The leaves are turning and we have had 120mm of rain in the last week or so and we keep on finding mice in the cottage. Autumn is definitely here.
We love autumn and it's a lovely time of year for the farming calendar too, with tups going out, cows coming in for scanning and you get to open the first bales of silage, which is a pleasant experience until you get to January when it turns a bit laborious.
Like many, we are considering what we do now that fertiliser is twice the price than this time last year. We normally spread 6-8 tonnes a year, with everything getting a light dusting early in the spring and then spreading the rest after the second cut.
Thankfully this year we made a bumper crop of silage and have enough for both this and next year.
Instead of spending £3,200 on fertiliser, we are going to spend half of that and fence our silage ground to increase our grazing area and next year won't produce any silage. We're also going to buy some extra electric fences with the insurance money from the fire to make better use of the forage we produce.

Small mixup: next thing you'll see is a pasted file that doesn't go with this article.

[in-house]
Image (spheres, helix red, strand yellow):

The hope is we can carry more stock with no fertiliser bill and that the market will have rebalanced for next year.
I'm sure we have all seen the videos on social media of the new Salt Bae restaurant in London, which is a very high end steak restaurant. Customers are paying £650 for an imported frozen Australian steak or £250 for a gold foil-wrapped burger.
They are paying for the experience and the Instagram photo, although I do imagine it still tastes good, but not quite sure the price matches the experience. What stories can we tell for our own products?
With all the talk of the scarcity of resources, the beef price has dropped back slightly and processors are tight on space and you have to look at booking weeks in advance.
The fact that demand for British beef remains strong should give us hope that the price won't fall much further as we head into the Christmas season.